You often hear right-wingers claim that government intervention in the economy is flawed because, in part, “government picks winners and losers.” Supposedly, the market ought to do that alone, though I’ve never known any example in history of a market that existed without a government to manage and police it.
So it’s no small irony that when Sean Hannity took his show to the Central Valley to try and paint the outright Depression there as the cause of liberal environmentalists stealing water from poor farmers, Hannity himself got hit by an advocate of the fishermen who have been hammered by wasteful government water policies. David Neiwert at Crooks and Liars offers the video:
Still, Hannity was more interested in demagoguing than in producing an accurate portrait of the situation, let alone helping find a resolution. He blamed the high unemployment rate in the San Joaquin Valley on the lack of water for farmers, and blamed that solely on the delta smelt lawsuits.
Near the end of the show, he had on his usual Intended Liberal Victim, for whom he could reserve such deep journalistic questions as “And I just want to know: How did you get your priorities so screwed up in life? What happened to you?”
But the Intended Victim, a fellow named Zeke Grader of the Pacific Coast Federation of Fishermen’s Associations, actually bit back, pointing out how callous and indifferent Hannity was toward the plight of the people on the coast who have traditionally made their livings by fishing salmon, both commercially and recreationally.
Neiwert also goes on to add that Bush-era water policy, from the decisions early in the administration by Bush and Cheney to restrict water releases in the Klamath basin to help southern Oregon farmers (and resulting in one of the largest salmon kills in West Coast history) to agreeing to export more water from the Delta at the expense of fisheries.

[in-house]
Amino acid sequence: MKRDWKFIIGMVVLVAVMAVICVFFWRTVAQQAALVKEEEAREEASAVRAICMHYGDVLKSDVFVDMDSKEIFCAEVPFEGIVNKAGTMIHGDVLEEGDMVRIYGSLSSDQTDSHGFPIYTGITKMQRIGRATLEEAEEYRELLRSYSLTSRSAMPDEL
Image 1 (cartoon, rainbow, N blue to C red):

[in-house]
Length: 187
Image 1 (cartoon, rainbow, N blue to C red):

As I’ve written about here at Calitics, the water problems in the Delta and the Valley are caused by contracts written during wet years to ensure greater delivery of supplies to unsustainable land use policies in the southern San Joaquin Valley and in Southern California. The water crisis we face is not just analogous to, but fundamentally related to, the housing bubble and its collapse. Water managers wrote checks mother nature could not cash – just as the housing bubble collapsed when borrowers were unable to service the debts, the water bubble collapsed when Mother Nature was unable to provide the water to “pay” the contracts written under the Bush administration.
The Valley is experiencing the effects of both the housing crisis and the water crisis. But the solution should not be, as Hannity demands, cramming down Monterey fishermen to refloat a Modesto or a Moreno Valley bubble.
Hannity wants to use government policy to not only pick winners and losers, but to do so in the most reckless method possible. His preferred solution would ensure the death of the salmon fishery and further ecosystem collapse. And it would simply create another bubble in the Valley where jobs would be based on an unsustainably high use of water, something that is particularly reckless in the face of global warming and the declining rate of precipitation.
Farmworkers and fishermen have more in common than conservatives would have them believe. They both need sustainable water policy to survive. And that is in turn in the best interests of all Californians.
Let’s hope more fishermen and farmworkers stand up to Hannity’s cheap demagoguery. He doesn’t have the Valley’s best interests in mind.